Apollo
has been variously recognized as a god of music, truth and prophecy, healing, the sun and light, plague, poetry, and more. Apollo
Apollo
is the son of Zeus
Zeus
and Leto, and has a twin sister, the chaste huntress Artemis
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Isis
Isis
Isis
was a major goddess in ancient Egyptian religion whose worship spread throughout the Greco-Roman world. Isis
Isis
was first mentioned in the Old Kingdom
Old Kingdom
(c. 2686–2181 BCE) as one of the main characters of the Osiris
Osiris
myth, in which she resurrects her slain husband, the divine king Osiris, and produces and protects his heir, Horus. She was believed to help the dead enter the afterlife as she had helped Osiris, and she was considered the divine mother of the pharaoh, who was likened to Horus. Her maternal aid was invoked in healing spells to benefit ordinary people. Originally, she played a limited role in royal rituals and temple rites, although she was more prominent in funerary practices and magical texts. In the first millennium BCE, Osiris
Osiris
and Isis
Isis
became the most widely worshipped of Egyptian deities
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Ptolemies
The Ptolemaic Kingdom
Ptolemaic Kingdom
(/ˌtɒləˈmeɪ.ɪk/; Ancient Greek: Πτολεμαϊκὴ βασιλεία, Ptolemaïkḕ basileía)[3] was a Hellenistic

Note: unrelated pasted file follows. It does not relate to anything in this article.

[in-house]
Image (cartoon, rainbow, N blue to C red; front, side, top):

Hellenistic
kingdom based in Egypt. It was ruled by the Ptolemaic dynasty, which started with Ptolemy I
Ptolemy I
Soter's accession after the death of Alexander the Great
Alexander the Great
in 323 BC and which ended with the death of Cleopatra
Cleopatra
VII and the Roman conquest in 30 BC. The Ptolemaic Kingdom
Ptolemaic Kingdom
was founded in 305 BC by Ptolemy I
Ptolemy I
Soter, who declared himself Pharaoh
Pharaoh
of Egypt
Egypt
and created a powerful Hellenistic dynasty that ruled an area stretching from southern Syria
Syria
to Cyrene and south to Nubia
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Tuthmosis III
III
III
or iii may refer to:Contents1 Companies 2 Music 3 Other uses 4 See alsoCompanies[edit]Information International, Inc., a computer technology company Innovative Interfaces, Inc., a library-software company 3i, formerly Investors in Industry, a British investment companyMusic[edit] III
III
Records, a Japanese record label III
III
(Orbital EP), 1991 III
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Ptolemy VI Philometor
Ptolemy VI Philometor[note 1] (Greek: Πτολεμαῖος Φιλομήτωρ, Ptolemaĩos Philomḗtōr "Ptolemy Beloved of his Mother"); c. 186–145 BC) was a king of Egypt from the Ptolemaic period. He reigned from 180 to 145 BC.[1]Contents1 Biography 2 Ancestry 3 Notes 4 References 5 External linksBiography[edit]Ring of Ptolemy VI Philometor
Ptolemy VI Philometor
as Egyptian pharaoh (Louvre)Ptolemy succeeded in 180 BC at the age of about 6 and ruled jointly with his mother, Cleopatra
Cleopatra
I, until her death in 176 BC, which is what 'Philometor', his epithet, implies; "he who loves his mother", φίλος (beloved,friend) + μήτηρ (mother)
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Cleopatra II Of Egypt
Cleopatra
Cleopatra
II (Greek: Κλεοπάτρα; c. 185 BC – 116 BC) was a queen of Ptolemaic Egypt
Ptolemaic Egypt
who ruled from 175 to 116 BC, with her brothers and (respective first and eventual second) husbands, Ptolemy VI and Ptolemy VIII, and her daughter Cleopatra
Cleopatra
III—often in rivalry with Ptolemy VIII. She was sole ruler of Egypt from 131 BC to 127 BC.Contents1 Life1.1 Early life 1.2 First co-regency 1.3 Second co-regency 1.4 Sole regency 1.5 Third co-regency2 Children 3 Ancestry 4 ReferencesLife[edit] Early life[edit]This head of an Egyptian Ptolemaic queen likely depicts Cleopatra
Cleopatra